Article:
Day out in the desert

Desert has a Fascinating romance attached to it, add to it the nomadic bedouin on his camel with his caravan – and one wonders, isn’t it an interesting life.

Well I can vouch for the interesting part of it and can also at the same time confirm that the city life (almost since my childhood) has just not prepared me for such a nomadic and hard life.

We decided to have a day out in the desert, i.e. really move out of the city into the sand. The ideal location was chosen – an oasis – about 250 km away from Nouakchott. We took the needed things for our stay, and bought a sheep to be our lunch. And had one big canister of water and about 2 liters of water each. If you are wondering oasis and still carry water – did I say we were city spoilt. Lets just say we didn’t have the “guts” to try “that” water.

Early rise, quick breakfast and in the car. This time accompanied with Mohammad, Abdallahi’s brother-in-law. The drive takes us again on the same kinda highway which resulted in the flat tires – and no surprises we did have a flat tire. Only one. Driving at about 100 km skim out of asphalt and viola – you have a flat. The difference over here, it was day and only one flat. So, quick change to the spare and we were good to go. Stopped at a small town on the way and bought a (believe me or not) second-hand tire for about 10 EUR.

Still some travelling further, the highway passes along a rather small watering hole, and we saw some (many) camels taking their break. The leader of the caravan let us take a ride on his camel. After perching myself on the saddle (which itself was not easy), the movements that the camel takes to get up from its sitting position throws the rider either forward or backward – and for me the first camel ride, was definitely not easy. It was an achievement for me just to still be sticking on to the camel back. Well, the same goes for getting of the camel too.

Some distance before our destination we bought this small sheep, which had to be transported along with us in the car. Panic, perhaps, it excreted in the car, and we were trying to catch it with our hands so as not to spoil the car.

Finally close to the destination, the change in scenery was breathtaking – from the dry desert sands suddenly there are lush trees and grass which looks like a wonderful green carpet spread out. And to highlight the change are herds of animals that come to the watering hole, first a group and some how they know when they are done they move off, then another herd and so on… All kinds of domestic animals – sheep, cows, buffalo, donkeys, camels, horses were on parade one after other.

Found a nice spot not far from the oasis, spread out the blankets, slaughtered the sheep in the name of Allah, kindled a fire, shot a few pics., started grilling on fire a few of pieces while the rest were used for cooking a kinda porridge. A classical Mauritanian bread was prepared, check out the recipe here. After a hearty meal, just lazed around for a couple of hours.

By about 16:30 it was time to search for a sleeping spot. As we were driving away from the watering hole we passed a herd of camels which were being prepared for the night. If you are wondering what is preparing for the night – I will post soon with all the details along with all about milking the camel and about its milk.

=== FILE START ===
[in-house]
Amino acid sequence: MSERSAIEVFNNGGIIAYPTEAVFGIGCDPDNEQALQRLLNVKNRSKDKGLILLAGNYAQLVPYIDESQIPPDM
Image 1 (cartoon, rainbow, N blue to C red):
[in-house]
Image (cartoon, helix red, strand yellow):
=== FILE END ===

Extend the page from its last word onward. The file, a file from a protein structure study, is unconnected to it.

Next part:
Now, darkness falls pretty fast here, and we had not yet found our sleeping spot, luckily for us Mohammad knew approximately where we had to head to reach a nice place to sleep. Passing along some shrubs – which have small thorny things which cling on to clothes, fur, skin (some one with more botanical knowledge can point me to the name), we got a lot of those. These thorny things are not irritating – but down right painful. The technique to get those off is to wet the hand either water or spit and slowly rub along the pants to get them off. The collected thorns are not to be thrown around, but covered with sand – so they don’t get on you again.

Finally we reached the spot – we could see the city in the distance, other than that it is nothingness. So by 20:30 mats were spread to sleep and within the hour we had finished off all topics to talk and slept.

I didn’t immediately, the clear night sky was just too good to ignore. The still night sky was only disturbed by a shooting star which was a welcome sight for me. Some time later I dozed off too.
Desert has a lot of beetles and some time by 03:00 I was awake – don’t really remember because of the beetles or of the cold. But, I was up. Flicked the torch and there were a lot of these beetles (even inside the mosquito net used by Murat). These are just a nuisance and can be ignored. But the cold I couldn’t ignore. Finally got a blanket and slept.

Why was it cold in the first place? 

The sand dunes have highs and lows – the high places are cold because of the wind that blows across, while the low places are relatively warm. But there is one huge disadvantage of the low places – the wind takes out the fine sand from the high places and deposits on the low places. So we avoided the low places.

By the first string of light we could hear in the distance Muezzin’s call to prayer – and one by one we were up. Offered the Fajr prayer and made our way to the highway where we had some bread with Mauritanian tee. That was our “Day out in desert”.

The fascination still remains – and Inshallah (God willing) I wish to do it again for a bit longer. And, wish to make a small trip too with a caravan.


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